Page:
bioinformatics_introbl2

Bioinformatics

Bioinformatics @ NYGC

Our team of bioinformaticians aims to develop, maintain and improve our analysis pipelines by leveraging the large amounts of sequencing data we produce. We work on estimating the sources of errors and variability in the data, defining methods to correct them, both computationally and on the lab side. We are also continually evaluating and benchmarking available tools, refining best practices to analyze and combine results, and are developing novel tools and methods.

We are also supporting our CLEP lab by providing the expertise in clinical interpretation of constitutional and cancer genomics.

Expertise

processOur diverse team of bioinformatics scientists has expertise in:

  • Statistical and population genetics
  • Cancer genomics
  • Expression analysis
  • Epigenomics and functional genomics
  • de novo genome assembly
  • Metagenomics
  • Clinical interpretation

Process

A typical project is initiated with one of the sequencing project managers. Our bioinformatics scientists are consulted to further refine the experimental design, analytic plan, and project deliverables.

The bioinformatics team performs standard and project-specific quality control, and analysis of sequencing data (e.g., differential expression and functional enrichment for RNA-Seq, variant annotation and interpretation for genome and exome sequencing, and somatic variant—both SNV and structural variant—for cancer). Results are delivered via our web interface or APIs and are stored and accessible for a period of time as part of NYGC’s Integrated Genomics.

Clinical Interpretation

As exome and genome sequencing data are processed and genomic variation between the sample and a reference are defined, annotated, and compared to existing databases, our bioinformatics scientists contribute to the last step of the analysis: clinical interpretation.

This usually requires ranking and filtering of putative candidates, manual curation, and functional validation (when possible) of our findings. NYGC’s analysis alleviates the need for the investigator to perform the standard computationally intensive analysis steps, thus freeing up time to focus on the biology.

Toby Bloom

Deputy Scientific Director, Informatics

Michael Zody

Research Director, Computational Biology

Dayna Oschwald

Senior Director, Informatics Program Management

Nicolas Robine

Assistant Director, Computational Biology

Avinash Abhyankar

Manager, Clinical Informatics

Kazimierz Wrzeszczynski

Bioinformatics Scientist

Giuseppe Narzisi

Senior Bioinformatics Scientist

Will Liao

Senior Bioinformatics Scientist

Phaedra Agius

Senior Bioinformatics Scientist

Andre Corvelo

Senior Bioinformatics Scientist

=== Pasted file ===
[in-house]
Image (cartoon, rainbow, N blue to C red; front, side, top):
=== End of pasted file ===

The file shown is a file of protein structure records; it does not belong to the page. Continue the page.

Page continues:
Kanika Arora

Senior Bioinformatics Analyst

Minita Shah

Senior Bioinformatics Analyst

Caitlin McHugh

Senior Bioinformatics Analyst, Statistical Genetics

Wayne Clarke

Senior Bioinformatics Analyst

Sadia Rahman

Biocurator, Molecular Diagnostics

Rajeeva Musunuri

Bioinformatics Programmer

Alice Fang

Biocurator

Molly Johnson

Bioinformatics Analyst

David Lin

Bioinformatics analyst

Jennifer Shelton

Bioinformatics programmer

Amrita Kar

Bioinformatics Analyst, Metagenomics

Heather Geiger

Bioinformatics Analyst

Detection of long repeat expansions from PCR-free whole-genome sequence data

Identifying large expansions of short tandem repeats (STRs) such as those that cause amyotrophic lateral sclerosis (ALS) and fragile X syndrome is challenging for short-read whole-genome sequencing (WGS) data. A solution to this problem is an important step towards integrating...

Authors:  Giuseppe Narzisi  

Pancreatic intraductal tubulopapillary neoplasm is genetically distinct from intraductal papillary mucinous neoplasm and ductal adenocarcinoma

Intraductal tubulopapillary neoplasm is a relatively recently described member of the pancreatic intraductal neoplasm family. The more common member of this family, intraductal papillary mucinous neoplasm, often carries genetic alterations typical of pancreatic infiltrating ductal adenocarcinoma (KRAS, TP53, and CDKN2A)...

Authors:  Kazimierz Wrzeszczynski  

Comparing sequencing assays and human-machine analyses in actionable genomics for glioblastoma

Objective: To analyze a glioblastoma tumor specimen with 3 different platforms and compare potentially actionable calls from each.

Methods: Tumor DNA was analyzed by a commercial targeted panel. In addition, tumor-normal DNA was...

Authors:  Michael Zody   Nicolas Robine   Kazimierz Wrzeszczynski   Kanika Arora   Minita Shah  

The methyltransferase SETDB1 regulates a large neuron-specific topological chromatin domain.

We report locus-specific disintegration of megabase-scale chromosomal conformations in brain after neuronal ablation of Setdb1 (also known as Kmt1e; encodes a histone H3 lysine 9 methyltransferase), including a large topologically associated 1.2-Mb domain conserved in humans and mice that encompasses...

Authors:  Will Liao  

Indel variant analysis of short-read sequencing data with Scalpel

As the second most common type of variation in the human genome, insertions and deletions (indels) have been linked to many diseases, but the discovery of indels of more than a few bases in size from short-read sequencing data remains...

Authors:  Michael Zody   Giuseppe Narzisi   Kanika Arora  

PGBD5 promotes site-specific oncogenic mutations in human tumors.

Nat Genet. 2017 May 15. doi: 10.1038/ng.3866. Genomic rearrangements are a hallmark of human cancers. Here, we identify the piggyBac transposable element derived 5 (PGBD5) gene as encoding an active DNA transposase expressed in the majority of childhood...

Authors:  Kanika Arora   Minita Shah  

loading...